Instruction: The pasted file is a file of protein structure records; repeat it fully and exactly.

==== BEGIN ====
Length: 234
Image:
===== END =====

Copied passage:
Length: 234
Image: